dojo.connect(foo, "onclick", function(evt) {
console.log("anchor clicked");
dojo.stopEvent(evt); //suppress browser navigation and squash any event bubbling
});

Likewise, suppressing automatic submission of a form is just as easy; simply swap out the context of the connection and associate with the submit event. This time, though, we'll use the preventDefault method of a DOMEvent to suppress the event, while allowing bubbling to continue:

var bar = dojo.byId("bar"); //some form element

dojo.connect(bar, "onsubmit", function(evt) {
console.log("form submitted");
evt.preventDefault(  ); //suppress browser navigation but allow event bubbling
});

### Leveraging Closures with dojo.connect

This section covers some semi-advanced content that you may want to skim over but not get bogged down with your first time through this chapter. Do come back to it though, because sooner or later you'll find yourself needing it.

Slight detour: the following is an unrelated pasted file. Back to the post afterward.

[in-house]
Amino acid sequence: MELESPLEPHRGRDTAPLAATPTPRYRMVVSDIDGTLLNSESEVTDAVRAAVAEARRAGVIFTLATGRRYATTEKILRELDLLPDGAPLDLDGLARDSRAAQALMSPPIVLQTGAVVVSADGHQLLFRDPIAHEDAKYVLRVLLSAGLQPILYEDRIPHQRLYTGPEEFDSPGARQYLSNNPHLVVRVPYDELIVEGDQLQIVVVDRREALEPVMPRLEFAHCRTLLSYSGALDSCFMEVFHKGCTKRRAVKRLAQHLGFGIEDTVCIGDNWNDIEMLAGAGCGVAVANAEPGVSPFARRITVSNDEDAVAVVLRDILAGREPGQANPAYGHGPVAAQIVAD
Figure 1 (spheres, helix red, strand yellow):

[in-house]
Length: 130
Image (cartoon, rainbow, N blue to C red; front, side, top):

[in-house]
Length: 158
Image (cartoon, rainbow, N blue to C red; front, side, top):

#### One-time connections

Consider a situation in which you need to establish and soon thereafter tear down a connection that fires only a single time. The following example gets the job done with minimal effort:

var handle = dojo.connect(
dojo.byId("foo"),  //some div element
"onmouseover",
function(evt) {
//some handler goes here...
dojo.disconnect(handle);
}
);

If you're still getting comfortable with closures, your first reaction might be to object and claim that what we've just done is not possible. After all, the variable handle is returned from the call to dojo.connect, and yet it is being referenced inside of a function that gets passed to dojo.connect as a parameter. To better understand the situation, consider the following analysis of what's going on:

1. The dojo.connect function executes, and although an anonymous function is one of its parameters, the anonymous function has not yet been executed.